Not the one to break someone’s trust, even if it were that of a lizard with presumably no understanding of such things as trust, (or maybe there are trust instincts, too, who knows? Maybe lizards do, if they know what knowing means. Maybe there are knowing instincts as well), I left it undisturbed, and continued to not use the induction cooktop as before, which was easy to do (or not do?). But when it did not move for a month or so, although hibernation could easily last that long, I began to wonder if it was dead. But dead lizards are quickly consumed by ants, and since there were no ants anywhere close to her, I assumed she was enjoying her hibernatory slumber, which I had no need, reason, or intention to disturb.
When the climate started warming up, I thought it was time for the creature to rise and shine, but she didn’t. So, finally, I gently lifted the cooktop to see how she was doing underneath. She was dead. And yet there were no ants. I figured that since I did not cook very often, there was not much to eat for the ants on my kitchen platform, and so there was no reason for the ants to patrol the kitchen slab, which was also why I often wondered about the lizard’s interest in the area, and could never come up with a plausible explanation.
Dead lizards present no disposal problems. They can be sent down the drains, flushed down the toilet, or be consigned to the dustbin to be disposed of in the regular course with the rest of the garbage. But somehow that never seemed to be the right way to treat this dead lizard that had spent so much time under my electric kettle, and with whom I seemed to have an understanding of sorts. Aren’t all friendships and relationships understandings of one kind or the other? Of course, this was an unequal relationship. The lizard had invited herself to my kitchen platform and had refused to leave, forcing me to accept her terms. True, that save for my initial hesitation, stemming majorly from my reluctance to be the cause of physical harm to her, I did not have much problem agreeing to her terms, but that did not make her terms any less unilateral.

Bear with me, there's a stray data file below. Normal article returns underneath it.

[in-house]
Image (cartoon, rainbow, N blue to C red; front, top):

But these thoughts about why it did not seem proper to dispose of those particular reptilian remains the regular way are largely retrospective, and while it is useful to reflect upon why and how we come to attach value to the dead bodies when they are no different than any other insentient objects, back then my thoughts centered more around finding the right way to lay such a creature at rest that had made an effort, deliberate or instinctive, to remain out of my way and had ensured, in her own way, to cause no inconvenience to me, which is more than one can say of so many fully conscious and reasonably intelligent human beings. So I decided to give her a respectful burial.
I got three earthen flower pots complete with flowering plants, dug out some of the mud of one of them to make sufficient room for the little body, and lay the dead lizard in the mini ditch thus created before filling it up. I placed the pots on the stairs going to the roof and marked the grave with a small rectangular card on a thin, small stick, held together by transparent tape. On the card, I glued a printed paper, cut to the size of the card, declaring: HERE LIES THE DWELLER OF THE UNDER-KETTLE.
Since, quite obviously, the grave-card could not remain for long, I took a picture of her final resting place for relative permanence. That was on April 6, 2019, the precise date and time of her death being unknown.
Not that it changed much. I still don’t like lizards, but hey, I don’t like human beings in general either.
Originally published as part of my monthly column Street Lawyer in the March 2021 Issue of Lawyers Update (Vol XXVII, Part 3).